Many of the health concerns associated with many restrictive diets lies not with the diet itself, but with the people who don't truly understand what they should eat, or what their body requires.
Many professionals disagree with vegetarian diets being undertaken by children, even if this is endorsed by their parents. As a vegetarian, there is significant difficulty receiving the full spectrum of vitamins and minerals required for the body to properly function. In children, these deficiencies can cause significant health problems later in life.
Did You Know?
Per 441 gallons of water, one pound of beef is produced on average. Comparatively, it takes 14 gallons of water to produce one pound of wheat.
What Are the Benefits of Ovo-Vegetarianism
Following a vegetarian diet is known to improve overall health and wellbeing. There is evidence to suggest that vegan diets in particular can reduce or even heal diabetes and cancer. However, despite all other claims, it is known that:
- Plant foods contain little or no cholesterol or saturated fats, so foregoing red meat in favour of a greener diet can improve overall heart health.
- Plant foods contain lots of fiber, which reduces the risk of colon and intestinal cancers.
- Because fruits, nuts and legumes are very nutritionally-dense, vegetarians tend to eat fewer total calories. Recently, studies by the National Geographic magazine have connected a calorie-restricted diet with longevity.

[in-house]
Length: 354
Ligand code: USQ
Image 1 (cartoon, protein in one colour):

- Plants tend to carry less food-borne diseases than meat.
Even better, there are definite links between vegetarian diets, and a lower incidence of cancers and heart-related diseases, (which are some of the biggest killers in first-world countries).
How to Eat Safely
I've given you lots of information, so now I can give you some recommendations. Without due consideration, ovo-vegetarians can be deficient in the following nutrients. Therefore it's important to include the foods listed below in a vegetarian diet.
Soy milk, particularly if fortified, can be a great source of vitamin B12. For the same reason, vegetarians can get their daily B12 dose from most breakfast cereals, and other fortified foods.
Ovo-vegetarians are particularly lucky in this case: Nearly 10% of your B12 intake for the day can be found in one egg yolk. If you really wanted to stretch the definition of ovo-vegetarian however, you could expand into goose eggs; they contain 120% of your recommended daily intake of B12.
If you haven't already, feel free to check out my article on the health benefits of soy milk, which can be found here. Once again, soy and soy milk prove to be a great source of vegetarian nutrients such as zinc.
Other sources of zinc include:
- Dairy products (for the lacto-vegetarians only, of course).
Vegetarians rejoice! Aside from being present in plentiful amounts in milk and cheese, calcium can be easily sourced from many different vegetarian-approved foods. If you want a bigger list, you should check out this article: 25 Vegan Sources for Calcium.
- Blackstrap Molasses!
Among the healthy as well as the vegetarian, there is a growing concern related to an individual's intake of iron. The World Health Organization has placed iron deficiency as the number one nutritional disorder in the world!
As a vegetarian however, you can get your intake of iron from spirulina, pumpkin seeds and peaches. With a food selection so tasty, it's a wonder anyone's iron deficient!
Thank you for taking the time to read my article on ovo-vegetarianism. Please feel free to comment below, your feedback is welcome and certainly appreciated. Also, if you enjoyed reading this article, check out my others at My Homepage